tl;dr. See point 4 below. Despite the p-less-than-0.05 statistical significance of the discontinuity in the above graph, no, I do not believe that losing a close election causes U.S. governors to die 5-10 years longer, as was claimed in this recently published article. Or, to put it another way: Despite the p-less-than-0.05 statistical significance of […]

This one quick trick will allow you to become a star forecaster

Jonathan Falk points us to this wonderful post by Dario Perkins. It’s all worth a read, but, following Falk, I want to emphasize this beautiful piece of advice, which is #5 on their list of 10 items: How to get attention: If you want to get famous for making big non-consensus calls, without the danger […]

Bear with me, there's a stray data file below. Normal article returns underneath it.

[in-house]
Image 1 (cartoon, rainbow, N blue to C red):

Do we really believe the Democrats have an 88% chance of winning the presidential election?

OK, enough about coronavirus. Time to talk about the election. Dhruv Madeka starts things off with this email: Someone just forwarded me your election model (with Elliott Morris and Merlin Heidemanns) for the Economist. I noticed Biden was already at 84%. I wrote a few years ago about how the time to election factors a […]

Vaccine development as a decision problem

This post by Alex Tabarrok hits all the right notes: At current rates, the US economy is losing about $40 billion a week. Thus, if $20 billion could advance a vaccine by just one week that would be a good deal. . . . It might seem expensive to invest in capacity for a vaccine […]